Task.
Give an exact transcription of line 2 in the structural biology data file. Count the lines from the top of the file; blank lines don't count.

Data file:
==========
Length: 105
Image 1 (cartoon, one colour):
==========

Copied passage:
Image 1 (cartoon, one colour):